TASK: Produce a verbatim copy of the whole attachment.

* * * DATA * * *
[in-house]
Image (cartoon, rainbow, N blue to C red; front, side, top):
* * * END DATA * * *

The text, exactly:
[in-house]
Image (cartoon, rainbow, N blue to C red; front, side, top):